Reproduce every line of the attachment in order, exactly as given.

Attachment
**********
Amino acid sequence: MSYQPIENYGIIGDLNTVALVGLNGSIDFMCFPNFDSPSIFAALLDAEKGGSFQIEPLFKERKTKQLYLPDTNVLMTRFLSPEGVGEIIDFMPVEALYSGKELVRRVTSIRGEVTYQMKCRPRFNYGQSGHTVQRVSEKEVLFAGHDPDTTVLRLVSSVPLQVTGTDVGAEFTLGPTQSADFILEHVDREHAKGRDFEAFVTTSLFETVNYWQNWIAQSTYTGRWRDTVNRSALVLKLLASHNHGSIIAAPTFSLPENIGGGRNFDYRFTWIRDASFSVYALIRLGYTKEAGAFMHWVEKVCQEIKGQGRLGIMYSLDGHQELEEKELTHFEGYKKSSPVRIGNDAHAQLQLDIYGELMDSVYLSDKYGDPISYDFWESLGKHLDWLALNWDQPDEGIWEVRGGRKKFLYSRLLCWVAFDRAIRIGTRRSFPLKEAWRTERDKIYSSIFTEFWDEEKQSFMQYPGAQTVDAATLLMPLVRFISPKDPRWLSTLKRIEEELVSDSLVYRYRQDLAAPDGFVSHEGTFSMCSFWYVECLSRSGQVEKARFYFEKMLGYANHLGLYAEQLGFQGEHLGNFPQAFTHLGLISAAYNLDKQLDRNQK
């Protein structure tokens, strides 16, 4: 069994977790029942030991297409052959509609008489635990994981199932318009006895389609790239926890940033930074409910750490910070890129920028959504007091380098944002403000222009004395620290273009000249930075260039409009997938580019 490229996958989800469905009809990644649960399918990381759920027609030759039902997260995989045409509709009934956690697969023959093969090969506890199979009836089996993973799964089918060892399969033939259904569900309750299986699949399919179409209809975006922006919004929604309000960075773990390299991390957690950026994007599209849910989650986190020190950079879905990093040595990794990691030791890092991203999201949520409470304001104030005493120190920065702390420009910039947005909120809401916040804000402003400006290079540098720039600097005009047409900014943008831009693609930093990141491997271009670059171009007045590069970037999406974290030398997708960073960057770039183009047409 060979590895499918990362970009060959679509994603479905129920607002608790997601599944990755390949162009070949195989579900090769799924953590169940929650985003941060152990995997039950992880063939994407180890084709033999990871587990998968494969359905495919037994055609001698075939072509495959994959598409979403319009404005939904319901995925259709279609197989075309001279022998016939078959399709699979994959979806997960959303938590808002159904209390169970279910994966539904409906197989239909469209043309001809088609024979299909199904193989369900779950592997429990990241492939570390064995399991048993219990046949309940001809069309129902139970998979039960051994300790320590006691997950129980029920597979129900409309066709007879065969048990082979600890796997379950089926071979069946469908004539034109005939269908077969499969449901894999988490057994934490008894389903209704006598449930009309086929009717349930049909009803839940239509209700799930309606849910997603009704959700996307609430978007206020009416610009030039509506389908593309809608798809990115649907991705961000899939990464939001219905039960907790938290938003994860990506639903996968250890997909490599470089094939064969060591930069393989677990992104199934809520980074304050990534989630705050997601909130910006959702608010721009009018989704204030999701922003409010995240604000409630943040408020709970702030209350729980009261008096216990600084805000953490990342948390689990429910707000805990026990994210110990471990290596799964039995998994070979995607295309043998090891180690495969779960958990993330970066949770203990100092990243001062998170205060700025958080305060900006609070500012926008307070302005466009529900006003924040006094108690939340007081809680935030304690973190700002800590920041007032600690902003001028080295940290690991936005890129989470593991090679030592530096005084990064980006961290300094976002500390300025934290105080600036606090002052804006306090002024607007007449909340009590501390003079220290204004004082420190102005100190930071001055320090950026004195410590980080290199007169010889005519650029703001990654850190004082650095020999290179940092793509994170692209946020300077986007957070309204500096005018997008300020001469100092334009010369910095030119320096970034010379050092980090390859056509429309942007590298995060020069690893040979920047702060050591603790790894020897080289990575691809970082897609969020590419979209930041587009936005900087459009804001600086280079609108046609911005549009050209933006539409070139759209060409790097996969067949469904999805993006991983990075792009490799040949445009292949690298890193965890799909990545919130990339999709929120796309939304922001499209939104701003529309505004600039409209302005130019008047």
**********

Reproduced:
Amino acid sequence: MSYQPIENYGIIGDLNTVALVGLNGSIDFMCFPNFDSPSIFAALLDAEKGGSFQIEPLFKERKTKQLYLPDTNVLMTRFLSPEGVGEIIDFMPVEALYSGKELVRRVTSIRGEVTYQMKCRPRFNYGQSGHTVQRVSEKEVLFAGHDPDTTVLRLVSSVPLQVTGTDVGAEFTLGPTQSADFILEHVDREHAKGRDFEAFVTTSLFETVNYWQNWIAQSTYTGRWRDTVNRSALVLKLLASHNHGSIIAAPTFSLPENIGGGRNFDYRFTWIRDASFSVYALIRLGYTKEAGAFMHWVEKVCQEIKGQGRLGIMYSLDGHQELEEKELTHFEGYKKSSPVRIGNDAHAQLQLDIYGELMDSVYLSDKYGDPISYDFWESLGKHLDWLALNWDQPDEGIWEVRGGRKKFLYSRLLCWVAFDRAIRIGTRRSFPLKEAWRTERDKIYSSIFTEFWDEEKQSFMQYPGAQTVDAATLLMPLVRFISPKDPRWLSTLKRIEEELVSDSLVYRYRQDLAAPDGFVSHEGTFSMCSFWYVECLSRSGQVEKARFYFEKMLGYANHLGLYAEQLGFQGEHLGNFPQAFTHLGLISAAYNLDKQLDRNQK
């Protein structure tokens, strides 16, 4: 069994977790029942030991297409052959509609008489635990994981199932318009006895389609790239926890940033930074409910750490910070890129920028959504007091380098944002403000222009004395620290273009000249930075260039409009997938580019 490229996958989800469905009809990644649960399918990381759920027609030759039902997260995989045409509709009934956690697969023959093969090969506890199979009836089996993973799964089918060892399969033939259904569900309750299986699949399919179409209809975006922006919004929604309000960075773990390299991390957690950026994007599209849910989650986190020190950079879905990093040595990794990691030791890092991203999201949520409470304001104030005493120190920065702390420009910039947005909120809401916040804000402003400006290079540098720039600097005009047409900014943008831009693609930093990141491997271009670059171009007045590069970037999406974290030398997708960073960057770039183009047409 060979590895499918990362970009060959679509994603479905129920607002608790997601599944990755390949162009070949195989579900090769799924953590169940929650985003941060152990995997039950992880063939994407180890084709033999990871587990998968494969359905495919037994055609001698075939072509495959994959598409979403319009404005939904319901995925259709279609197989075309001279022998016939078959399709699979994959979806997960959303938590808002159904209390169970279910994966539904409906197989239909469209043309001809088609024979299909199904193989369900779950592997429990990241492939570390064995399991048993219990046949309940001809069309129902139970998979039960051994300790320590006691997950129980029920597979129900409309066709007879065969048990082979600890796997379950089926071979069946469908004539034109005939269908077969499969449901894999988490057994934490008894389903209704006598449930009309086929009717349930049909009803839940239509209700799930309606849910997603009704959700996307609430978007206020009416610009030039509506389908593309809608798809990115649907991705961000899939990464939001219905039960907790938290938003994860990506639903996968250890997909490599470089094939064969060591930069393989677990992104199934809520980074304050990534989630705050997601909130910006959702608010721009009018989704204030999701922003409010995240604000409630943040408020709970702030209350729980009261008096216990600084805000953490990342948390689990429910707000805990026990994210110990471990290596799964039995998994070979995607295309043998090891180690495969779960958990993330970066949770203990100092990243001062998170205060700025958080305060900006609070500012926008307070302005466009529900006003924040006094108690939340007081809680935030304690973190700002800590920041007032600690902003001028080295940290690991936005890129989470593991090679030592530096005084990064980006961290300094976002500390300025934290105080600036606090002052804006306090002024607007007449909340009590501390003079220290204004004082420190102005100190930071001055320090950026004195410590980080290199007169010889005519650029703001990654850190004082650095020999290179940092793509994170692209946020300077986007957070309204500096005018997008300020001469100092334009010369910095030119320096970034010379050092980090390859056509429309942007590298995060020069690893040979920047702060050591603790790894020897080289990575691809970082897609969020590419979209930041587009936005900087459009804001600086280079609108046609911005549009050209933006539409070139759209060409790097996969067949469904999805993006991983990075792009490799040949445009292949690298890193965890799909990545919130990339999709929120796309939304922001499209939104701003529309505004600039409209302005130019008047």